We ran out of time and did not get to go to a Brunella winery, now I have to go back to Tuscany... :)

The day trips.
Lucca & Pisa:
Both places can easily be visited in a day, and Lucca, even if smaller, probably deserves more time then Pisa. So do the opposite of what we did, go to Pisa, see the leaning tower (and it leans, A LOT) then go to Lucca and spend the rest of the day there!
The Cathedral of Pisa is really beautiful and it's worth going to not just for the leaning Campanille! We visited the interior of the Cathedral and the Baptistery (skip it! not worth it!). We did not go up the tower, way to expensive! We did take the cheesy tourist holding the tower pictures :p But for a really cool picture, take a picture of the cheesy tourist taking a picture :)
Lucca is a beautiful medieval city which is still surrounded by a wall. the wall has been converted into a park and bicycle path and is really enjoyable to walk on. You get a nice view of the city from there. We also visited Pallazzo Pfanerr which has some beautiful typical Italian gardens. The interior of the palace was also very interesting. Really worth a visit and and it's not very time consuming. We also saw the Duomo, but did not go in.

Siena is a very steep city! Be prepared! It's also an amazing city. Very different from Florence. It's an overgrown Tuscan town really. In Siena, we saw the most beautiful church of Italy. Sure it's not as grand as St-Peters of Rome, but the Duomo's every little nook is decorated. The floors, the walls, the ceiling. Paintings, statues, stripes of marbles, wood, the works! If you see one church when in Italy, make it this one. Take the combined ticket that allows you to see the Duomo, the Baptistery and the Museo dell Opera. We skipped by quickly in the museum not being big fans of Religious art, but the view from the tower is the best one in Siena! Take your time, walk around the city, visit the Palazzo Publico and the Piazza del Campo, the little stores, go in the samll courtyards, there are sights everywhere.

Road Trip:
Our last day in Tuscany, we drove down to Rome on the Sr222 and Sr2. It's an amazing drive and you get to see all sorts of different perspectives from the Chianti Hills, to the plains of the south and the sea. We had two stops planned that day, San Gimignano and San Galgano.

San Gimignano is a city frozen in time. With it's medieval architecture and towers, you feel like you are back 500 years in the past and that you will see knights and horsemen turn around a corner! It's a city where the main attraction is the city itself. so just take your time, walk around, admire the scenery. We spent to little time there!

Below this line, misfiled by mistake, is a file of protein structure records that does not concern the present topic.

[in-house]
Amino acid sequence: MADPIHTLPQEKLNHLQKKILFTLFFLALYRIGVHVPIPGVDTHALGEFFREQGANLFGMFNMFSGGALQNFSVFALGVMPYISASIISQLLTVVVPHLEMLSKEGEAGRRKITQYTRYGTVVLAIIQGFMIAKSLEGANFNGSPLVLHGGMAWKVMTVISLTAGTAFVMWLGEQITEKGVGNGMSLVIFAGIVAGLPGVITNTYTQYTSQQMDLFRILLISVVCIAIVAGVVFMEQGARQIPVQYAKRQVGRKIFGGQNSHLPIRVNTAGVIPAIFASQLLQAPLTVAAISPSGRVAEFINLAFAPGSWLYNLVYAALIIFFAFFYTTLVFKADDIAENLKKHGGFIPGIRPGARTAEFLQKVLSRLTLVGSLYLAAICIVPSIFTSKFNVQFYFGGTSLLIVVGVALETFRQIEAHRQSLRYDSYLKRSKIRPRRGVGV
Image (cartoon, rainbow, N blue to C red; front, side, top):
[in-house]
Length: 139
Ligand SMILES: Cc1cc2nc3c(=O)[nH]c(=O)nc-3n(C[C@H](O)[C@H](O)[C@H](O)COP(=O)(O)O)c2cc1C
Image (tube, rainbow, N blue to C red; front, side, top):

San Galgano is an ancient abbey that is in the middle of nowhere. They built a cathedral there, but there was never the population to support it so it fell in ruins. Now only the stone walls and the outbuilding still stands. It's a very mystical and impressive place. There were few tourist when we went and we got to be alone in the cathedral, with the midday sun casting shadows on the dirt ground. It was very special.

Next, the end of our trip, our last three days in Rome.
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The Tuscan Expert ;-)
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looking forward to hearing more!

Ciao Mathieu,

Can't wait to hear about the rest of your trip! It will certainly be useful to all of us - even if the forum is Tuscany focused, most of us are like yourself and also visit other places in Italy on our trips.
Your suggestions and impressions will no doubt be useful... actually, I was just in Venice a little over a week ago and wish I had known about there being a GROM there (love the one in Florence!) and about the restaurant in Campo S. Barnaba. I met up with some friends who selected a place on a touristy piazza which left much to be desired, not just price-wise.

Looking forward to the rest of your posts :)


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Ah, I didn't know GROM was a chain. I would have hunted them down in Florence and Rome!

Generally, I found the found in Venice to be pretty good, even in touristy area.
It was Rome I was more dissapointed about. Much more expensive and not quite as good as the other places we visited.


The Tuscan Expert ;-)
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GROM is a sort of high class, high quality gelato place that has expanded a lot in recent years. I remember when they opened in Florence there were just a few shops in northern Italy and the big news was that they were opening a shop in NYC - now they're all over (but not in Rome, yet) including Paris and Tokyo. They use high quality ingredients and most flavors change with the seasons and they have a flavor of the month. The philosophy is if you're going to have pistachio gelato, get the best pistachios there are (these are generally considered to be the Bronte ones from Sicily) and lemons from Sorrento and so on.

In Rome, I remember a great gelato place just off Piazza Navona but cannot remember the name... I guess I'll need to go back sometime and get all the info to share with our forum members :).


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Well it's been a while since my last post, I figure I should update the thread before I forgot to much about the trip!

I miss GROM and their increadible Gelato... I miss Italy actually... stupid work!

I'll post about our day trip to Cinque Terre soon!